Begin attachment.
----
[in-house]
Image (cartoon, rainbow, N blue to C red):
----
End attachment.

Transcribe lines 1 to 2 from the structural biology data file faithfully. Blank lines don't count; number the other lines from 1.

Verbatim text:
[in-house]
Image (cartoon, rainbow, N blue to C red):